1. Question: What is the difference between fraud and abuse?
Answer: Fraud is the intentional deception or misrepresentation of facts that an individual or an organization perpetrates for the purpose of gaining an otherwise unauthorized or illegitimate benefit for himself/herself, some other person, or an organization. Abuse involves actions that are inconsistent with accepted, sound medical, business or fiscal practices. Abuse directly or indirectly results in unnecessary costs to the program through improper payments. The real difference between fraud and abuse is the person's intent. Both have the same impact: they detract valuable resources from the Medicare Trust Fund that would otherwise be used to provide care to Medicare beneficiaries.
2. Question: What is the Program Safeguard Contractor's (PSC's) or Zone Program Integrity Contractor’s (ZPIC’s) role in fighting Medicare Fraud and Abuse?
Answer: The role of the Program Safeguard Contractor or Zone Program Integrity Contractor is to help address fraud, waste and abuse by performing regional Medicare data analysis, complaint resolution and investigative activities. These and other techniques are also used to identify Medicare program weaknesses and vulnerabilities.
3. Question: What are some common situations that should be referred to the PSC or ZPIC?
Answer: The acceptance or offering of “Kickbacks”, the routine waiver of co-payments, falsifying certificates of medical necessity, plans of care and other records, billing for services not rendered, misrepresenting the diagnosis to justify payment, and beneficiaries sharing Medicare cards are just some of the more common schemes.
4. Question: How do I know if there is suspected fraud and how would I report it?
Answer: Review your Medicare Summary Notice (MSN) when you receive it and make sure you understand all of the items listed. If you don’t remember a procedure that is listed, you should first call your physician, provider, or supplier that is listed on the MSN. Many times a simple mistake has been made and can be corrected by your physician, provider, or supplier’s office when you call. If your physician, provider, or supplier’s office does not help you with the questions or concerns about items listed on your MSN and you still suspect Medicare fraud or if you cannot call them, you should call or write the Medicare company that paid the claim. The name, address, and telephone number are on the MSN you receive, which shows what Medicare paid. You can also call 1-800-Medicare or 1-800-633-4227.
Before contacting the Medicare claims processing company, carefully review the facts as you know them and as shown on the MSN. Write down:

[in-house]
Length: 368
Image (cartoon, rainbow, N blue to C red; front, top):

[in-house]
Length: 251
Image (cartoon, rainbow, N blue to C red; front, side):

• The provider's name and any identifying number you may have.
• The item or service you are questioning.
• The date on which the item or service was supposedly furnished.
• The amount approved and paid by Medicare.
• The date of the MSN.
• The name and Medicare number of the person who supposedly received the item or service.
• The reason you believe Medicare should not have paid.
5. Question: What is the difference between the PSC or ZPIC and the Affiliated Contractor (AC) or Medicare Administrative Contractor (MAC)?
Answer: The ACs and MACs are responsible for all other functions not specifically assigned to the PSC or ZPIC by the Statement of Work, including claims processing, customer service, select pre- and all post-payment medical review functions, appeals, provider enrollment, financial accounting, Medicare Secondary Payer (MSP) and related provider education and beneficiary outreach activities. The ACs and MACs are also responsible for referring any suspected fraudulent or abusive situations or patterns by providers or beneficiaries in the Medicare program to the PSC or ZPIC.
6. Question: How does the PSC or ZPIC differ from the Quality Improvement Organization (QIO)?
Answer: QIOs are focused more on quality improvement projects in relation to medical review, medical necessity and quality of care issues. Unlike the PSCs or ZPICs, the QIOs are not charged with proactively identifying fraud. However, the QIO is permitted to make referrals to the PSC or ZPIC for benefit integrity issues. Likewise, the PSC or ZPIC may refer cases to the QIO for medical necessity and quality of care issues.
7. Question: What is the difference between a Benefit Integrity PSC or ZPIC and the CERT PSC?
Answer: The Comprehensive Error Rate Testing (CERT) Program produces national, contractor specific, service specific and provider type paid claim error rates. Systematic random samples of claims from the ACs or MACs are periodically reviewed by the CERT in order to evaluate the accuracy of Medicare Fee-for-Service payments.
8. Question: How does a case get referred to a PSC or ZPIC?
Answer: Cases typically get referred from the ACs or MACs resulting from beneficiary/provider and whistleblower complaints. Cases may also be referred from the OIG Hotline and CMS Fraud Alerts.
9: Question: How do I know where to send Medical Records when requested?
Answer: You may receive requests for copies of medical records from the ACs or MACs, the CERT, or the PSC or ZPIC. Letters from each entity will be sent on letterhead for identification purposes with the appropriate contact information contained therein. Any of these record requests should be returned within the specified time period.